Director: The Coen Brothers
Does it get any better over a four-year span than Fargo, Big Lebowski, and O Brother? The Coen Brothers are known as geniuses for their writing, directing, producing, and general creating of instant American classics, with films ranging from No Country for Old Men to Inside Llewyn Davis, but from 1996 to 2000 they were virtually perfect. Fargo is bloody & hilarious, Big Lebowski is out of this world, and O Brother is a musical masterpiece. I’m both proud to say that my last name is also Coen and happy to call this duo one of my top favorite filmmakers, two voices that deserve to be heard. I still enjoy their new films, look forward to anything they have coming out, but these three icons will always remain their best work to me, and getting a chance to rewatch any of these favorites is always a real treat.
In O Brother, we travel back in time to the deep South of the 1930s, where rural tradition was meeting progress, where the old way of living was being left behind, and where sometimes crime was the only way to survive. Three members of a local prison farm chain gang escape together into the backwoods, seeking a buried treasure that’s soon to be washed away by the flooding of a valley. Everett is the leader, an intelligent con man of sorts who can’t seem to make an honest living. Pete is his sometimes contentious companion, coming along because he had very little choice. And Delmar is their dimwitted friend, an amiable man who just wants to help. Together, the trio go on an adventure all over the great state of Mississippi, facing the police, crooked politicians, bible salesmen, bank robbers, ex-wives, and the Lord Almighty, on a quest to find their fortunes & themselves.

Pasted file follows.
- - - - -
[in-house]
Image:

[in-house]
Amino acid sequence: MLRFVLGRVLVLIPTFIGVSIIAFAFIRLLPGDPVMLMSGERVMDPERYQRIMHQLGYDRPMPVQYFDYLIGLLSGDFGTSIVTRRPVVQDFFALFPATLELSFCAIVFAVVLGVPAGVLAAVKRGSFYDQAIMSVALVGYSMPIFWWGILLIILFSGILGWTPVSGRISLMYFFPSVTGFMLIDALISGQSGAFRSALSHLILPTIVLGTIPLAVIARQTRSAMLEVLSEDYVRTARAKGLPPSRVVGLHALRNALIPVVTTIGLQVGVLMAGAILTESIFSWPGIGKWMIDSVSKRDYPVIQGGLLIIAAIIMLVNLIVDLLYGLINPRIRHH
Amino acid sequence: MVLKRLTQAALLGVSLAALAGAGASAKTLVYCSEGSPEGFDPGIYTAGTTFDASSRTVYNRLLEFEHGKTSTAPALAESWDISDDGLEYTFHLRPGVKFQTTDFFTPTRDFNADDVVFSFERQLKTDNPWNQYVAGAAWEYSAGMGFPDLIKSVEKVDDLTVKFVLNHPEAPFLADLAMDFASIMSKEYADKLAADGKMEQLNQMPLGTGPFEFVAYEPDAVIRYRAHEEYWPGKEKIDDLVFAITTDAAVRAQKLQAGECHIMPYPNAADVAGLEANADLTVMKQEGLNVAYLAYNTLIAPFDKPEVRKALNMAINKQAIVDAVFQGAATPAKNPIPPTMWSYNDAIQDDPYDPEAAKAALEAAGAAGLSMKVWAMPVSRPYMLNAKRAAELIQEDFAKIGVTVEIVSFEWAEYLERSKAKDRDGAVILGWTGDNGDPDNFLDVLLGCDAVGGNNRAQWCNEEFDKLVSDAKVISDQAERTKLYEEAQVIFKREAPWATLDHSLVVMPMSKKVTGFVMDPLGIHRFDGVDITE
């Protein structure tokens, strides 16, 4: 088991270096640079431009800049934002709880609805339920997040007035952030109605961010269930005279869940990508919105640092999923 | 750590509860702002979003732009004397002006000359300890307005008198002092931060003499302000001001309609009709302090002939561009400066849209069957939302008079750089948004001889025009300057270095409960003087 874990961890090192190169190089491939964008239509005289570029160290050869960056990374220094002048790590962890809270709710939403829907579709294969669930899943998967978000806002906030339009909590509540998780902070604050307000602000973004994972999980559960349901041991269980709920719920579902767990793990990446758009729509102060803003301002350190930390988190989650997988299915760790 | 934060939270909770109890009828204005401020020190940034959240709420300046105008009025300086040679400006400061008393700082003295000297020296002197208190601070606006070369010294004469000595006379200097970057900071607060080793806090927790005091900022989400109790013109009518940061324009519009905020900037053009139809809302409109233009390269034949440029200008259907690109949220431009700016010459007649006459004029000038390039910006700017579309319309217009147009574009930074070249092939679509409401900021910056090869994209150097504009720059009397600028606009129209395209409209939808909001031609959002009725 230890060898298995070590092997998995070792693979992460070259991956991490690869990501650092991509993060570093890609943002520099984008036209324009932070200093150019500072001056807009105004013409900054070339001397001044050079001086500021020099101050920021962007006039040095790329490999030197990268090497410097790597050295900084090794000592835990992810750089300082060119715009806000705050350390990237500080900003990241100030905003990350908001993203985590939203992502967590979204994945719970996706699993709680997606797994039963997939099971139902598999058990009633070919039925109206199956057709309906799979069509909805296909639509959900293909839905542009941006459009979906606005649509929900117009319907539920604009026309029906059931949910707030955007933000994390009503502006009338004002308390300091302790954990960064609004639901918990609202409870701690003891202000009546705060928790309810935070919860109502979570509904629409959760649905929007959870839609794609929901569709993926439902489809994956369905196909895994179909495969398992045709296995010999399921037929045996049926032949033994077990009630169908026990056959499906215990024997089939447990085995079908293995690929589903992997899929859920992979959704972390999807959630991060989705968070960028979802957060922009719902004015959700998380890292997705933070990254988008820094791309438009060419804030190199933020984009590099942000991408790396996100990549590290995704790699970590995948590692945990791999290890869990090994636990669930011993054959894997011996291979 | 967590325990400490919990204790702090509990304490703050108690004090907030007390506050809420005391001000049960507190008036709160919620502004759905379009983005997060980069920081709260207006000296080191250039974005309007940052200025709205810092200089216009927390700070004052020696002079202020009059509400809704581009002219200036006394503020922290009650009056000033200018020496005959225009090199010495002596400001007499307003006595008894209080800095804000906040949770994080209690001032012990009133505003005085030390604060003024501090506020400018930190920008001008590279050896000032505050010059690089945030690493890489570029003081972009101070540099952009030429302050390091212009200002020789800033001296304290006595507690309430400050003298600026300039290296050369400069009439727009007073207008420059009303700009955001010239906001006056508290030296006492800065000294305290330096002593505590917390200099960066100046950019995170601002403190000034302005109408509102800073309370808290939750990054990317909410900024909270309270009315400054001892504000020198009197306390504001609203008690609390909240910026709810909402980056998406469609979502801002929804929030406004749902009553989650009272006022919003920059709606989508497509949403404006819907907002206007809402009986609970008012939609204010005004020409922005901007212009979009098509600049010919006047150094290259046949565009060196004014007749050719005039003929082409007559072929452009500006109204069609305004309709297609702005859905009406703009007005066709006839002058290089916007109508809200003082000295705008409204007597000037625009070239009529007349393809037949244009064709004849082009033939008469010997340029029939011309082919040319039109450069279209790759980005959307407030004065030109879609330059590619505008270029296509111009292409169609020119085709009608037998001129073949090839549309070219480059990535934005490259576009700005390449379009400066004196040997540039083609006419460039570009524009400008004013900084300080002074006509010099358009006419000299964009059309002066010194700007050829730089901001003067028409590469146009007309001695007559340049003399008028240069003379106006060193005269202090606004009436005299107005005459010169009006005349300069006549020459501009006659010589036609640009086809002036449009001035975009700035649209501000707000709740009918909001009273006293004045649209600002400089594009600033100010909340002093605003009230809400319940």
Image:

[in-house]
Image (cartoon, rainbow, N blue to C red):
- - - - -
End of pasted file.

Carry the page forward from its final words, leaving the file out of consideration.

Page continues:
It’s not a secret or a revelation that O Brother is based loosely on The Odyssey, Everett once even introducing himself as Ulysses. We get the long trek home, the cyclops, the sirens, the suitors for Penny, the whole bit. It’s an extremely clever adaptation, taking a story we all know, turning it on its head, and delivering it to us with a unique blend of humor & heart that’s worth watching over and over again. The characters are incredible, tossing out quotable line after quotable line like they were completely free. The cinematography is a spectacle, each scene a perfect still image, the music is incredible, a bluegrass concert right in our living rooms, and the acting it top-notch, with wonderful side actors like John Goodman and Holly Hunter. O Brother is infectious really, a strange film that you won’t be able to stop yourself from loving. It’s original, heartfelt, warm, catchy, funny, goofy, and made with an undeniable attention to detail, a movie that you won’t soon forget.
My rating: ☆ ☆ ☆ ☆ ☆